After the Apple TV failed to capture much market attention, the California tech giant may be looking for a new way to enter the television market. Reports suggest that the new Apple TV could be a set-top box designed to give viewers access to cable programs at any time.
According to the Wall Street Journal and CNET, Apple has been meeting with various cable companies to discuss a new set top box that would allow users to stream cable content on demand as an alternative to the set-top boxes that cable subscribers rent.
The Chicago Tribune reports that Apple CEO Tim Cook and Time Warner Cable CEO Glenn Britt have been confirmed to have met at a conference in July. No word has emerged about the topic of their discussion, but it would be surprising if Apple's new TV plans never came up.
Few details have emerged about the specifics of the concept, but it seems likely that Apple would introduce the set-top box as a replacement for a current Apple product, the Apple TV.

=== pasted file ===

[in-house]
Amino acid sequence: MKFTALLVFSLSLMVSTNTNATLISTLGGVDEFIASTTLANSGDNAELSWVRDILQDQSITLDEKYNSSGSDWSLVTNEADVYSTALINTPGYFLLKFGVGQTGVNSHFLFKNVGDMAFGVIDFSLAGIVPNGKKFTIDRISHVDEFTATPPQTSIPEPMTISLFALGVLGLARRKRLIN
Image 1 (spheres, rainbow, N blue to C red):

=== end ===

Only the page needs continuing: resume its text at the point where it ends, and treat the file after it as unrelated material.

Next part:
The second-generation Apple TV, launched in 2012, primarily allows users to stream content from the iTunes Store, Netflix, Hulu, and more. In March 2012, Apple revealed a third-generation of the device, offering a redesigned user interface and high- resolution streaming in 1080p.
Currently, the Apple TV is considered little more than a novelty by many users, especially compared to high-profile products like the iPhone and iPad. And Apple's current lack of publicity for the device seems to show that the company feels the same way.
The Apple TV also faces serious competition from devices like Roku and Google TV, as well as the Xbox 360's digital media streaming services.
A TV set-top box could reinvigorate Apple's attempts at delivering digital media to America's living room. The redesigned Apple TV would allow users much more choice in the type of media they stream, as well as allowing them to watch live television and record programs. If Apple's new approach to TV takes off, it could be the second media industry the company has revolutionized.
Eric Brown is an IBTimes political reporter who eats far too much pizza. He is a graduate of Mercer University in Macon, Georgia, and currently resides in Brooklyn.